Jason Heyward’s debut season with the Cubs was not filled with offensive highlights – there was The Jason Heyward Game, though! – but the glove certainly came every bit as excellent as billed. From the very first moment in Spring Training, Heyward was showing off his incredible instincts in the outfield, his rocket arm, and his tremendous range.
Heyward’s defensive highlights were too numerous to recount, and he was a deserved winner of the Gold Glove. For me, I have three favorites that immediately come to mind, though. There was the time he went into the stands in St. Louis to make a catch and help extend Kyle Hendricks’ then no-hitter. There was the time he threw out James Loney at the plate from center field (also a Kyle Hendricks start) when he had absolutely no business getting the ball there in time.
For me, though, the best play Heyward made all year (one of the best defensive plays of the year for the Cubs, in fact) came early in the season in San Francisco, and, because of the way it played out, it became easy to forget when you think about Cubs defensive highlights. Why? Because, at the time, no one was really caring all that much about how incredible the play was – it ended with Heyward on the ground, writhing in pain after sliding headfirst awkwardly into the wall:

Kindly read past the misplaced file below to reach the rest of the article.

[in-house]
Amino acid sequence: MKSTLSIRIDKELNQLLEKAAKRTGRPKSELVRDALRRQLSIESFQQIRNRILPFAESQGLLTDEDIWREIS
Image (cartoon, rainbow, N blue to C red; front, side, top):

When the play happened, sure, there was a moment of “WOW! WHAT A PLAY!” But it was immediately superseded by concerns that the Cubs’ huge outfield addition had just wrecked himself for the rest of the season. Heyward left the game, and fortunately missed only three games thereafter as he recovered.
Now that we know he was ultimately OK, we can look back and appreciate just what an impressive catch that was. Not only did Heyward have to cover a massive amount of ground, he had to do so while track a ball that was scalded at 103mph, per Statcast. Then, he had to lean out while looking over his shoulder to catch the ball while still maintaining some sense of where the wall was to at least try not to annihilate himself.
Truly, it was an incredible catch, and one that you’re happy took place into a padded wall in San Francisco, as opposed to the bricks at Wrigley Field.